25 January 2010

Biblical scourge still haunts

Throughout history, leprosy has been feared and misunderstood, and has resulted in significant stigma and isolation of those who are afflicted.


The leper who has the disease shall wear torn clothes and let the hair of his head hang loose, and he shall cover his upper lip and cry, 'Unclean, unclean'. He shall remain unclean as long as he has the disease; he is unclean; he shall dwell alone in a habitation outside the camp. - Leviticus 13: 45-56

Throughout history, leprosy has been feared and misunderstood, and has resulted in significant stigma and isolation of those who are afflicted. Until recently, it was thought to be a hereditary disease, a curse, or punishment from the gods.

Middle Ages
During the Middle Ages, those with leprosy had to wear special clothing and ring bells to warn others as they walked by. For millennia people with leprosy were ostracised and forced to live in leper colonies. Famously, from 1846 to 1931 Robben Island was used for just this purpose.

In 1873 Dr Armauer Hansen of Norway discovered the germ under a microscope and announced that leprosy was caused by bacteria – hence the name Hansen's disease. This was an astounding finding, because up until then, people with leprosy were though to be "cursed", "unclean" and "sinners".

Not very contagious
In the 1940s, medication had been developed that allowed sufferers to return to society. And in 1960, leprosy was internationally recognised as an illness resulting from the transmission of an extremely rare virus, which is not very contagious at all.

Interestingly enough, Japan only adjusted their Leprosy Prevention Law in 1996. This law forced patients into sanatoriums, where they were given limited freedom, were sterilised and in some cases even forced to have abortions. This law has been repealed since, and the Japanese government has formally apologised to the leprosy community.

Today we know that 95% of people are naturally immune to leprosy and the remaining 5% who are susceptible to the disease would have to have a prolonged exposure to the bacteria to actually become infected. We know that once a person with leprosy starts the antibiotic treatment, they can no longer transmit the disease. We know that people with leprosy are not unclean and that the stigma from the past was born out of fear and ignorance. Right?

Discrimination continues
Wrong. The stigma surrounding leprosy is not gone and the continuing discrimination against people with leprosy is to blame for the disease not being eradicated despite the fact that it is completely treatable.

According to a BBC News report, Tim Lewis, a doctor working in Nepal for Leprosy Mission International, believes that fear of discrimination is preventing people from seeking treatment at an early stage. "We are still seeing some patients coming at quite an advanced stage of disease and the main reason why people delay treatment is still fear of rejection."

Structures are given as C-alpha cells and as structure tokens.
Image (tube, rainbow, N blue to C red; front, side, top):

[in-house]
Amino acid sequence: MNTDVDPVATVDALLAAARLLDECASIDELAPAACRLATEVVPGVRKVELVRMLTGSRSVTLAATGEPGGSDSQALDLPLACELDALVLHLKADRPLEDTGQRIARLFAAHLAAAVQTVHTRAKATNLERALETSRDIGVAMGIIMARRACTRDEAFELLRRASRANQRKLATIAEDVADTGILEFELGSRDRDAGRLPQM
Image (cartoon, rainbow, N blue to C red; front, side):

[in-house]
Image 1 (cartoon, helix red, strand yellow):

The South African government admits that stigma of the disease also occurs in South African communities: "People are still being shamed, abandoned, rejected and hated simply because their families and communities do not understand the disease. Many people still believe leprosy is a curse or punishment from the gods," reads the Government Information website.

Theo de Villiers, deputy director of the Leprosy Mission for Southern Africa, says that despite strong public education efforts on the disease, they still come across incidents where people discriminate against someone with leprosy. "In such instances the Mission makes contact with the family or employer [who discriminates] and give them the real facts about the disease."

According to De Villiers a combination of superstition, ignorance and fear is usually behind incidents of discrimination. "Discrimination that stems from religious belief is deep rooted - the Old Testament often refers to people with leprosy as 'unclean'. In such cases we spend some time with the person or family and explain to them that leprosy is a disease like any other."

Leprosy Mission Southern Africa
The role of the Leprosy Mission is to teach communities about leprosy and to help patients and their families overcome physical, social, emotional and spiritual obstacles brought on by the disease.

For more information visit Leprosy Mission Southern Africa

(Wilma Stassen, Health24, January 2009)

- National Institute of Health
- Corporate Watch in Japanese
- South African Government Information (
- BBC News

Read more:
Leprosy still with us


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Dr Suretha Kannenberg holds a degree in Medicine and a Masters in Dermatology from the University of Stellenbosch. She is employed as a consultant dermatologist by Stellenbosch University and Tygerberg Academic Hospital, where she is involved in clinical duties and the training of medical students and dermatology residents. Her areas of interest and research include vitiligo, eczema and acne. She also performs limited private practice work in the Northern suburbs of Cape Town in general and cosmetic dermatology.

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